by Stephen Tall on September 29, 2013
Lib Dem Voice has polled our members-only forum to discover what Lib Dem members think of various political issues, the Coalition, and the performance of key party figures. Almost 700 party members responded – thank you – and we’re publishing the full results.
It’s a month ago to the day since David Cameron lost the vote in the Commons on keeping open the option of military intervention against Syria. Just a day ago, the United Nations Security Council voted unanimously to destroy Syria’s chemical weapons.
In the week before the Lib Dem conference in Glasgow we asked what party members thought about Syria. In the rush of conference week, we didn’t get the chance to report these at the time, and the story has moved on since then. But, for the record, here’s what you told us…
Majority opposition to any form of military-backed intervention
Thinking about the situation in Syria, here are some things that the UK Government is reported to have considered, in partnership with other countries such as France and the United States. Would you support or oppose each of the following?
Support 24%, Oppose 56%, Don’t know 16%
Support 5%, Oppose 81%, Don’t know 10%
Support 32%, Oppose 51%, Don’t know 13%
Support 21%, Oppose 63%, Don’t know 12%
Did MPs make the right decision? 64% say yes, 31% no
On 29th August, MPs voted against Britain taking any part in military action against Syria. Do you think that was the right or wrong decision?
33% – Right decision – Britain should keep out of any military attack on Syria
31% – Right decision – the case for British involvement was not proven BUT Parliament should be prepared to re-consider
26% – Wrong decision – Parliament should have kept open the option of military intervention against Syria for the future
5% – Wrong decision – Britain should have been ready to become involved in an imminent military attack on Syria
1% – Other
1% – Don’t know
Another chemical attack and opinion would’ve shifted…
If there were further chemical weapon attacks with hundreds more Syrians killed, and there was sufficient evidence to indicate the Assad regime was responsible, would you support or oppose the British Government instructing our UN representative to vote in favour of military intervention against Syria?
53% – Support military intervention against Syria
29% – Oppose military intervention against Syria
6% – Other
9% – Don’t know
50% would’ve wanted second Commons debate after UN inspectors report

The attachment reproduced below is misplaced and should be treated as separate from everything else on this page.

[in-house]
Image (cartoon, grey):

United Nations weapons inspectors will shortly report on whether or not a chemical attack was launched in Syria in August. If they say such weapons were used, should the UK parliament hold a new debate to decide how to respond?
50% – Yes, Parliament should hold a debate
39% – No, there is no need for a new debate
7% – Don’t know
Narrow support for missile strikes – under specific conditions
If there were a new Commons debate following the UN inspectors’ report, would you vote to support or oppose prosecuting missile strikes against the Assad regime in Syria?
10% – Support missile strikes
39% – Support missile strikes BUT only if specific conditions were to be met (see question below)
38% – Oppose missile strikes
9% – Don’t know
(And here are those conditions)
These options were open only to the 39% of members who answered ‘Support missile strikes BUT only if specific conditions were to be met’.
On which of the following specific conditions would your support for missile strikes be dependent?
83% – Sufficient evidence is found by UN inspectors of the use of chemical weapons by the Assad regime
83% – The Government sets out clear and achievable outcomes of intervention
79% – Parliament approves military intervention
55% – The United Nations security council approves military intervention
8% – Other
* Stephen Tall is Co-Editor of Liberal Democrat Voice, and editor of the 2013 publication, The Coalition and Beyond: Liberal Reforms for the Decade Ahead. He is also a Research Associate for the liberal think-tank CentreForum and writes at his own site, The Collected Stephen Tall.